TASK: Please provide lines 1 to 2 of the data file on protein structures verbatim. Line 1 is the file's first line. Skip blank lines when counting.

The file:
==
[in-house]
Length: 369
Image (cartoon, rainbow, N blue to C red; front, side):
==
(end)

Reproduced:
[in-house]
Length: 369